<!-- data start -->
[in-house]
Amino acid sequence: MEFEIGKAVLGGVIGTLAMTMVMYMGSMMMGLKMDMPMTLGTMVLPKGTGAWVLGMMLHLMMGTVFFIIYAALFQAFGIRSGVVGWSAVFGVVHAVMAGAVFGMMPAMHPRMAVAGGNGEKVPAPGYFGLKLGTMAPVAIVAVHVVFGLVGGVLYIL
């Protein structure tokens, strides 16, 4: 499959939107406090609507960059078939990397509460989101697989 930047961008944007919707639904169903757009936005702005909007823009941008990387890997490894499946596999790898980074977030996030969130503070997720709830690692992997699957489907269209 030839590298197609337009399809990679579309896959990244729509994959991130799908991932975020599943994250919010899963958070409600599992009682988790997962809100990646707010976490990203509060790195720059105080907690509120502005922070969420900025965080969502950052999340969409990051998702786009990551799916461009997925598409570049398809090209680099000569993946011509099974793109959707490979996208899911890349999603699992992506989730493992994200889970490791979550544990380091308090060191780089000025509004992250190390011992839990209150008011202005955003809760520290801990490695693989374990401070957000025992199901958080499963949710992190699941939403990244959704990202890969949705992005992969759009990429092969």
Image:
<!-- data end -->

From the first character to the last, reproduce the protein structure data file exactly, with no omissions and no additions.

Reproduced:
[in-house]
Amino acid sequence: MEFEIGKAVLGGVIGTLAMTMVMYMGSMMMGLKMDMPMTLGTMVLPKGTGAWVLGMMLHLMMGTVFFIIYAALFQAFGIRSGVVGWSAVFGVVHAVMAGAVFGMMPAMHPRMAVAGGNGEKVPAPGYFGLKLGTMAPVAIVAVHVVFGLVGGVLYIL
């Protein structure tokens, strides 16, 4: 499959939107406090609507960059078939990397509460989101697989 930047961008944007919707639904169903757009936005702005909007823009941008990387890997490894499946596999790898980074977030996030969130503070997720709830690692992997699957489907269209 030839590298197609337009399809990679579309896959990244729509994959991130799908991932975020599943994250919010899963958070409600599992009682988790997962809100990646707010976490990203509060790195720059105080907690509120502005922070969420900025965080969502950052999340969409990051998702786009990551799916461009997925598409570049398809090209680099000569993946011509099974793109959707490979996208899911890349999603699992992506989730493992994200889970490791979550544990380091308090060191780089000025509004992250190390011992839990209150008011202005955003809760520290801990490695693989374990401070957000025992199901958080499963949710992190699941939403990244959704990202890969949705992005992969759009990429092969």
Image: